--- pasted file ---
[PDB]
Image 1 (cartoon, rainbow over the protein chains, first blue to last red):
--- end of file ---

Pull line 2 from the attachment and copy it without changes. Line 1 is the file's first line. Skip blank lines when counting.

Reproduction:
Image 1 (cartoon, rainbow over the protein chains, first blue to last red):